Published on 11 June 2020

Can culture be confined online indefinitely?

For several months now, theatres and concert venues have had to shut their doors to Covid-19, resulting in severe economic consequences for the entire industry. But where one door closes, another opens, sparking a new (virtual) world of innovative cultural events.


Who, at the beginning of 2019, would have imagined that Broadway, New York’s famous avenue synonymous with the performing arts, would shut up shop and remain closed until September at the earliest? In France and around the world, so many shows, concerts and festivals have been cancelled. All cultural venues open to the public have been closed, some indefinitely.  


An economy in danger

The health crisis threatens many sectors, and performing arts have been hit especially hard, from festivals to broader cultural events. What’s more, there’s the issue of income, which is even more pressing in the current crisis. For many producers, opening too early would be a disaster under the looming risk of a second lockdown. There would be further financial costs for plays or concerts put on without any audience. Worse, public confidence would be lost altogether, making all prospects of a return to normal very distant.


How social media is benefiting culture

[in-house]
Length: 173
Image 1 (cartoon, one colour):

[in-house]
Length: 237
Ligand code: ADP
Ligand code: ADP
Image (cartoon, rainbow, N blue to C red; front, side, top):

With physical gatherings banned, culture has had to reinvent itself, and it found a new means of expression online. With so many performances cancelled, the Lorraine national opera asked for volunteers to put on shows. A simple online form enables you to book a virtual seat for yourself and a loved one. While in isolation, music has become more essential than ever, and many artists have taken to Instagram and YouTube to perform live. Performances grouped under the hashtag #TogetherAtHome have taken place around the world. In France, 3,600 amateur singers joined Jane Birkin in a lockdown virtual version of the Javanaise hosted by the choir of Radio France, Théâtre du Chatelet and France Musique.


More creative initiatives than ever

Due to the lack of opportunities in physical spaces, virtual initiatives have sprung up, making it possible to reach a wider audience. In a page dedicated to discovery, the French Ministry of Culture has selected a wide choice of cultural offers to enjoy at home. With a single click you can visit museums, watch films and documentaries and enjoy reruns of major theatre or opera performances from your sofa. Great examples of these include the Aix en Provence theatre festival and programming from the Paris Opera. For passionate fans of culture, the Orange Foundation also lists all of the latest initiatives it partners.